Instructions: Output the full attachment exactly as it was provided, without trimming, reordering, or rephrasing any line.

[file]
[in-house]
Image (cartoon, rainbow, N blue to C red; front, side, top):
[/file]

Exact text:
[in-house]
Image (cartoon, rainbow, N blue to C red; front, side, top):